I have often been asked, "What is your good name?" I often feel like answering , "Well my name is Kanika, but dunno if its good or bad". Unfortunately, can't blame this person either, as he has simply fallen into the trap of 'literal translations' like many others, where "आपका शुभ नाम क्या है" translates to "What is your good name" . Spoken English is tricky for many of us.
Recently, on one of the Telugu national channels, I heard an advert, that was like blasphemy to my ears... let me write this in hindi... as English would probably not be able to do justice to it... "एंटेरटाइनमेंट, एंटेरटाइनमेंट , एंटेरटाइनमेंट"... my ears went red, and mind numb for a few seconds, and my heart went out to all the young kids, who watch this every day, and would probably grow up saying this word as एंटेरटाइनमेंट, and not एंटरटेनमेंट. I realized the root cause for such errors that I had been seeing in my Trainees all these years.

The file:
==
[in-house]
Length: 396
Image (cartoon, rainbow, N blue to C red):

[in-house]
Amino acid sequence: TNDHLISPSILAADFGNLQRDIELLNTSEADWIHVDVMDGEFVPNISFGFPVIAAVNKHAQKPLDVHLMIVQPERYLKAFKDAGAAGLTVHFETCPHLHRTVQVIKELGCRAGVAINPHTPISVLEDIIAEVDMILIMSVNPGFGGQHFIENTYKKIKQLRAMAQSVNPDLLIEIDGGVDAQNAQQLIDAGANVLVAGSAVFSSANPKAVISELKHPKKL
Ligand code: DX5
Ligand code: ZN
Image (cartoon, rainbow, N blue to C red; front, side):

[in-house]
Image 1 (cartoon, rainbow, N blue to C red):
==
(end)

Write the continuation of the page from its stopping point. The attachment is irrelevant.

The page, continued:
It is oft said that Indian English and pronunciation is among the best in the world. The sad part is our schools today are focusing a lot on the written communication (that too is quiet redundant now... will take this up at a later stage), and not enough on spoken English. The Teachers have the theoretical knowledge, however, they often have indianisms and literal translations in their own speech. in this scenario, how do students get corrected and learn to speak better.
Recently, when visiting my Son's day care, I noticed one of their teachers singing rhymes to the kids, that I could not understand... i went in closer, and heard again... this is how it went... "Rrround und Rrround the GORdon the Biiurr weint". i didn't know whether to laugh, or be sad for the kids.
So here are a few tips, for speakers of English as a second, or third language, to speak better.